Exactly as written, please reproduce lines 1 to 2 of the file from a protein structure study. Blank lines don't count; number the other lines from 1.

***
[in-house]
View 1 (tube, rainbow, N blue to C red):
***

[in-house]
View 1 (tube, rainbow, N blue to C red):